Supermassive black holes (SMBH) are difficult to explain. It is believed that these gigantic singularities are at the center of every great galaxy (our Milky Way has one), but their presence there is sometimes inexplicable. As far as we know, black holes form when huge stars collapse. However, this explanation does not fit with all the evidence.
The theory of star collapse provides a good explanation for most black holes. According to this theory, a star that is at least five times as massive as our sun will run out of fuel toward the end of its life. Since the external pressure of the nuclear fusion of a star supports it against the internal gravity of its own mass, something must yield when the fuel runs out.
The star goes through a hypernova explosion and then collapses. What remains is a black hole. Astrophysicists believe that SMBHs begin on this path and grow to their enormous size by essentially "feeding" on other things. They swell in size and sit in the center of their gravity like a spider that contracts in the middle of its web.
The problem with this explanation is that it takes a long time for it to happen.
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Many of these SMBHs are billions of times more massive than the sun?. They have such redshifts that they must have arisen in the first 800 million years after the Big Bang. For the star collapse model, however, this is not enough time to explain it. The question astrophysicists ask is how these black holes got so big in such a short time.
A team of researchers at Western University in Ontario, Canada, thinks they have found out. They have a new theory called "direct collapse" that explains these incredibly old SMBHs.
Her article is titled "The Mass Function of Supermassive Black Holes in the Scenario of Direct Collapse" and is published in The Astrophysical Journal Letters. The authors are Shantanu Basu and Arpan Das. Basu is a recognized expert in the early stages of star formation and the evolution of protoplanetary disks. He is also a professor of astronomy at Western University. This also comes from the Western Department of Physics and Astronomy.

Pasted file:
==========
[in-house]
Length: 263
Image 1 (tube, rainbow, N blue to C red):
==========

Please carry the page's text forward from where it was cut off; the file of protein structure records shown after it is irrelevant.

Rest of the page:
The SMBH in this Subaru telescope image is 13.05 billion light-years from Earth. These old SMBHs have challenged our understanding of black hole formation. Picture credits: National Astronomical Observatory of Japan (NAOJ).
Their theory of direct collapse states that the ancient supermassive black holes have formed extremely rapidly in very short periods of time. Then they suddenly stopped growing. They developed a new mathematical model to explain these fast-forming, ancient black holes. They say that the Eddington boundary, which represents a balance between the outward radiant power of a star and the inward gravitational force, plays a role.
In these direct black holes, the Eddington limit regulates mass growth, and the researchers say that these old black holes may even slightly exceed this limit, what they call Super Eddington accretion. Due to the radiation generated by other stars and black holes, their production was discontinued.
"Supermassive black holes had only a short period of time in which they could grow quickly, and then at some point due to all the radiation in the universe created by other black holes and stars, their production stopped," explains Basu a press release. "This is the scenario of direct collapse."
"This is indirect evidence that black holes are caused by direct collapse rather than star remnants," Basu said.
This new theory provides an effective explanation for what has been a delicate issue in astronomy for some time. Basu believes that these new findings can be used with future observations to trace the genesis of the extremely massive black holes that exist in our universe at very early times.